8 things great leaders do

By Jim LaDoux
What do great leaders consistently do to make a lasting difference?  Here are a few of my thoughts as I observe the impact and interactions of church leaders.  I believe that great leaders . .

  1. Define reality. They review what's working and what's not working. They note the bright spots in ministry as well as name where the organization has challenges or is stuck. They look for ways that the mission, vision, and values are being lived out.  They notice which ministries matter, how they're measured, and how progress is celebrated. They observe what is said and done along with what isn't said and done.
  2. Think big bi-focally.  Great leaders view life and ministry at the street level and from the balcony.  They pay attention to what's most important to accomplish a year from now while also planning the next faithful step. They schedule time to get above the fray, think long term, dream big picture, while also seeing that the small details are being handled.
  3. Keep the main thing the main thing. Great leaders often do less as they pour their time, energy and resources into doing what matters most. They separate the urgent from the important. They guard against the temptation to say yes to every good idea.
  4. Make strategic decisions.  One of the key functions of a leader is to decide what to say yes to and when to say no.  Great leaders terminate norms that are no longer useful, meetings and events that have little impact, and communications that aren't central to the mission.  l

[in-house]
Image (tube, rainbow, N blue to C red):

5. Position people in roles where they have the greatest impact. Great leaders discover and deploy people's "superpowers" on the organization's most significant projects and opportunities. They continue to develop their leaders in ways that support the organization's mission. They also discern with leaders where God is leading them and what their next faithful step is their personal and professional growth.
  6. Embody the organization's mission, vision, and values. Great leaders, through their words and actions, exemplify the habits, norms and healthy communication patterns to reinforce the organization's DNA. They set healthy standards for leaders and teams.
  7. Raise up new leaders by sharing power and delegating projects. Great leaders share the  ministry with others. They recognize that leadership is a team sport and don’t try to do it all themselves. They don’t feel threatened when someone else can do a ministry better than they. By delegating projects to others, they save their time and energy for the things that matter most and where their own gifts are best utilized.
  8. Build trusting relationships. Great leaders recognize that trust is the foundation of all good relationships. They build trust by keeping their commitments, by having each other's back, by standing up for people when they're wronged, and by doing what's in the best interests of their organization and the people they serve. Great leaders get to know their team members, draw our their strengths, seek their wisdom, and walk alongside them.

What other essentials traits/habits do you think great leaders should embody?


  1. What are the things you regularly do that model great leadership?
  2. Who has modeled great leadership for you? What did they say or do?
  3. Which leadership habits do you need to pay closer attention to?
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